An entrance hall opens into a fitted kitchen, with an eating area and a door leading out into the little garden. Another door leads to a shower room, with a toilet. A flight of five steps goes up from there to a living room. Floors are paved with terracotta tiles.
A bright, comfortable living room has been laid out so as to take advantage, courtesy of wide windows, of a view over the swimming pool and the garden.
A bedroom on this level features the exposed roofing framework.
Spanning a surface area of approx. 4,000 m², laid to lawn with flowerbeds and copses, the garden also includes a swimming pool area, planted with palm trees and protected by a low palm laurel hedge. The salt-water pool is 12 metres long and 5 metres wide. Heated, it has its own machine room.
On the edge of Fontainebleau forest, this building with its vernacular architecture exudes Anglo-Norman airs. If the Barbizon School was not so close, it would be easy to imagine John-William-Waterhouse as well as other early 20th century, Pre-Raphaelites painting there. The fully renovated interiors cleverly blend the styles of Louis XV with those of the 19th century, giving each room its own muted atmosphere. The choice of materials, like the terracotta floor tiles, the copper bath and the wall hangings, make this a first-class property.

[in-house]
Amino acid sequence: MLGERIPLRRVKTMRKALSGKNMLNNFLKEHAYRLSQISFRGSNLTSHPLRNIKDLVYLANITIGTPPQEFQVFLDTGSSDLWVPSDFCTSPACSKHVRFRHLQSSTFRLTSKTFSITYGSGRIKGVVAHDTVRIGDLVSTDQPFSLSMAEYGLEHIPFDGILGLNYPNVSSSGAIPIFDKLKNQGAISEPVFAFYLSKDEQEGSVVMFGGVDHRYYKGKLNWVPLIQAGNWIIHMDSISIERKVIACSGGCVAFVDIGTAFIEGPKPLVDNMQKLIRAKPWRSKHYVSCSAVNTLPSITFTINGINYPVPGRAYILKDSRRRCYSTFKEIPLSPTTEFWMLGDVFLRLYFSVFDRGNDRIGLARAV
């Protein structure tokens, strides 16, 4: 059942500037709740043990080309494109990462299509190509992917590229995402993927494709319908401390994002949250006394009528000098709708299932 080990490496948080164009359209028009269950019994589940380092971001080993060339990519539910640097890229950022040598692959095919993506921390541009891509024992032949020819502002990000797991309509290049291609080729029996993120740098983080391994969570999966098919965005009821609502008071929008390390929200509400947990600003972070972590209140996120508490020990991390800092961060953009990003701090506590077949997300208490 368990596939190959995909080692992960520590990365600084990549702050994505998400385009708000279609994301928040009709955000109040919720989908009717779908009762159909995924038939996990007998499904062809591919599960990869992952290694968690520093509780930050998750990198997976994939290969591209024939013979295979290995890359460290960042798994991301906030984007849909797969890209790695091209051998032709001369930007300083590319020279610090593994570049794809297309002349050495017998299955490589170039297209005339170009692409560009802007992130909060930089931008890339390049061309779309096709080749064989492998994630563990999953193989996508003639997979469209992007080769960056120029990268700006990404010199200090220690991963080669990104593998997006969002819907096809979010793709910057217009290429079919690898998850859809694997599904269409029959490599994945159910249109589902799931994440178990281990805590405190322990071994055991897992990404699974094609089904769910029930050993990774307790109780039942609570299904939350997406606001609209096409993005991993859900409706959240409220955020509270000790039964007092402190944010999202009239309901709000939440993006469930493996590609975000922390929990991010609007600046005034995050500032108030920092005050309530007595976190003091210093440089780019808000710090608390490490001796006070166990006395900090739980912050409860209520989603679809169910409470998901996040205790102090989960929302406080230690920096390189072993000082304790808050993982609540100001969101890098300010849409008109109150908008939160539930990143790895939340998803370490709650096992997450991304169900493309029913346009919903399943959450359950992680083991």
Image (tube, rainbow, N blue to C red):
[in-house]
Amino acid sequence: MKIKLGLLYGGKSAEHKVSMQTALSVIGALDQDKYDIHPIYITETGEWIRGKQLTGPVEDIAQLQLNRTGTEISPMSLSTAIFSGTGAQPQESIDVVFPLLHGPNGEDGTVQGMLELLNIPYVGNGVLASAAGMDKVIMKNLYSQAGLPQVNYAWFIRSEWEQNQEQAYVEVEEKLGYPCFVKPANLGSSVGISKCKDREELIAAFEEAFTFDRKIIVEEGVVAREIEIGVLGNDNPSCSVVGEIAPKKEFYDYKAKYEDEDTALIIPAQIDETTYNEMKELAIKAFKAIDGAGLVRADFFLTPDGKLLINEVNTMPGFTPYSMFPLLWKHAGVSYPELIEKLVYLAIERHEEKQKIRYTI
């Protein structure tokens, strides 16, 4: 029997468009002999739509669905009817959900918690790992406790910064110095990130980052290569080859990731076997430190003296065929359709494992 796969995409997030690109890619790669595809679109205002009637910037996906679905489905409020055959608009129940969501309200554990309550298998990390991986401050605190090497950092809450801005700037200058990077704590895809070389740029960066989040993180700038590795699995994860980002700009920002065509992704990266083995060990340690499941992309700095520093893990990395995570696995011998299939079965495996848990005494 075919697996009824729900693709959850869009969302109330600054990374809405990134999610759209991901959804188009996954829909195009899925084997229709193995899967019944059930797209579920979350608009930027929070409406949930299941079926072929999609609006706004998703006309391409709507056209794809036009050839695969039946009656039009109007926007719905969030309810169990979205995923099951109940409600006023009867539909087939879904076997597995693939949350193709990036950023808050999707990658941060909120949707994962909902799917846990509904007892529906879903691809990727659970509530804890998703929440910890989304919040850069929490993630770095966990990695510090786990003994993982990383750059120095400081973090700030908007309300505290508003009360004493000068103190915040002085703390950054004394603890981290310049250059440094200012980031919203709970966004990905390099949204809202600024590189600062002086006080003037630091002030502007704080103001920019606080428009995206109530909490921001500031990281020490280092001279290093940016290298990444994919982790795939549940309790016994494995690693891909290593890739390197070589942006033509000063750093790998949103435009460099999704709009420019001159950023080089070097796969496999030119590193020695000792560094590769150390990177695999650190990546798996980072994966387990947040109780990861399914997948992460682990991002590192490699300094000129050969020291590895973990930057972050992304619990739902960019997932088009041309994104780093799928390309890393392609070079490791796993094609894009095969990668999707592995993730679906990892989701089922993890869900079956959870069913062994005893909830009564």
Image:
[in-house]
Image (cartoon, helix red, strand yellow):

Surrounded by character properties, in a quiet, sought-after neighbourhood near to Paris, these premises are set in countryside still influenced by 19th century painters. The latter appear to have dulled and shaded the surrounding landscapes in order to make a palimpsest of their canvasses.
|Land registry surface area||4342 m2|
|Main building surface area||280 m2|
|Number of bedrooms||6|
|Outbuilding surface area||85 m2|
|including refurbished area||40 m2|
Aliette Rozan +33 1 42 84 80 85
NB: The above information is not only the result of our visit to the property; it is also based on information provided by the current owner. It is by no means comprehensive or strictly accurate especially where surface areas and construction dates are concerned. We cannot, therefore, be held liable for any misrepresentation.